Space porn: These images are (quite literally) out of this world
BANGKOK (AP) — Oil prices retreated a day after posting big gains as traders turned their attention to the release later Friday of a monthly U.S. jobs report.
Benchmark oil for November delivery was down 68 cents to $91.03 a barrel at midday Bangkok time in electronic trading on the New York Mercantile Exchange. On Thursday, tensions between Syria and Turkey gave oil prices their biggest jump in two months. Oil settled at $91.71 per barrel, up by $3.57, or 4 percent in New York.
The price of oil rose after Turkey’s military fired on targets in Syria for the second day. The Middle East and North Africa account for about a third of global oil production. Any tension in the region makes traders nervous about a disruption to supplies.
Oil also got a boost from a falling dollar, which tends to influence investors to buy commodities like oil and gold.
The U.S. Labor Department will later Friday release September employment data — a key indicator for growth in the world’s largest economy. The widely anticipated report has taken on added importance in the heat of the U.S. presidential race.
“As far as today goes, all eyes will be on the U.S. jobs report,” said oil analyst Stephen Schork in an email commentary.
Brent crude, which is used to price international varieties of oil, was down 45 cents to $112.13.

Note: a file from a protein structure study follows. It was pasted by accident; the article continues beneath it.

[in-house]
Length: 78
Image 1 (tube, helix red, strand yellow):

Among other energy futures traded in New York:
— Natural gas rose 2 cents to $3.427 per 1,000 cubic feet.
— Heating oil fell 2.4 cents to $3.165 per gallon.
— Wholesale gasoline fell 1 cent to $2.933 per gallon.
NASA astronaut Mike Hopkins
On December 28, 2013, Expedition 38 crew member Mike Hopkins participating in the second of two space walks to replace a degraded pump module on the International Space Station. (NASA astronaut Rick Mastracchio is reflected in his helmet!)
The Soyuz TMA-10M
The Soyuz TMA-10M headed towards the International Space Station with crew members from Expedition 37 onboard.
40 years ago the Apollo 8 mission flew up to the moon, orbited it ten times and then returned to Earth. This picture was taken from that flight and shows the Earth as it seemingly rises in similar fashion to a sunrise.
Sunrise from Expedition 36
NASA Flight Engineer Karen L. Nyberg of Expedition 36 took this photo of the sun rising -- a sight they saw nearly 16 times per day due to the speed of the International Space Station's orbit around the earth.
A pair of NanoRacks CubeSats -- nanosattelite spacecrafts carrying experiments -- were launched by Expedition 38.